As I’ve indicated before, using emotionally-charged language, using words contoured around potential physical violence, is an injustice and unhelpful to the cause, person, entity, etc., that you are defending. What does it say about a film when fans use death-threats instead of reasonable debate? What does it say about a culture when we threaten women investigating it with rape? What does it say about gay rights when people send death-threats to homophobes? Things like The Dark Knight Rises, investigations into women’s issues and gay rights are all things I cherish and consider important. It is, therefore, with these interests in mind that I urge others who also cherish these to stop destroying them. You hurt not only the person you’re attacking but the thing you’re defending.

Remember by silencing someone, you don’t change their mind – you’ve just silenced them. When you threaten someone, you’re no longer a defender, you’re a bully and someone we ought not to be associated with in our love of a film, a game, a cause. This is no longer even about whether people like Mr Fine are correct in their judgements, whether Sarkeesian’s conclusions are true, or whether someone should get fired for making homophobic statements: it’s about those of us who find such things important making a proper stand in defence of them. We should consider those who use death-threats as worse to our causes and our loves than our opponents making reasonable counter-arguments or silly assertions.

Our opponents can be completely wrong about The Dark Knight Rises; our opponents can make lame, stupid comments about gay teens. But it’s up to us, if we genuinely care about such issues, to put them in the best light possible constantly to show these opponents what we're defending and why (we think) our opponents are wrong.

Update: Speaking of The Dark Knight Rises and actual violence, it is horrible to report that this has happened.

Image Credit: Robert Adrian Hillman/Shutterstock

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COVID and "gain of function" research: should we create monsters to prevent them?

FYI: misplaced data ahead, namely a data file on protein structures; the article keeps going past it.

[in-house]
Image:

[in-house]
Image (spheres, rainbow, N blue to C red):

Gain-of-function mutation research may help predict the next pandemic — or, critics argue, cause one.

Credit: Guillermo Legaria via Getty Images

This article was originally published on our sister site, Freethink.

"I was intrigued," says Ron Fouchier, in his rich, Dutch-accented English, "in how little things could kill large animals and humans."

It's late evening in Rotterdam as darkness slowly drapes our Skype conversation.

This fascination led the silver-haired virologist to venture into controversial gain-of-function mutation research — work by scientists that adds abilities to pathogens, including experiments that focus on SARS and MERS, the coronavirus cousins of the COVID-19 agent.

If we are to avoid another influenza pandemic, we will need to understand the kinds of flu viruses that could cause it. Gain-of-function mutation research can help us with that, says Fouchier, by telling us what kind of mutations might allow a virus to jump across species or evolve into more virulent strains. It could help us prepare and, in doing so, save lives.

Many of his scientific peers, however, disagree; they say his experiments are not worth the risks they pose to society.

A virus and a firestorm

The Dutch virologist, based at Erasmus Medical Center in Rotterdam, caused a firestorm of controversy about a decade ago, when he and Yoshihiro Kawaoka at the University of Wisconsin-Madison announced that they had successfully mutated H5N1, a strain of bird flu, to pass through the air between ferrets, in two separate experiments. Ferrets are considered the best flu models because their respiratory systems react to the flu much like humans.

The mutations that gave the virus its ability to be airborne transmissible are gain-of-function (GOF) mutations. GOF research is when scientists purposefully cause mutations that give viruses new abilities in an attempt to better understand the pathogen. In Fouchier's experiments, they wanted to see if it could be made airborne transmissible so that they could catch potentially dangerous strains early and develop new treatments and vaccines ahead of time.

The problem is: their mutated H5N1 could also cause a pandemic if it ever left the lab. In Science magazine, Fouchier himself called it "probably one of the most dangerous viruses you can make."

Just three special traits

Recreated 1918 influenza virionsCredit: Cynthia Goldsmith / CDC / Dr. Terrence Tumpey / Public domain via Wikipedia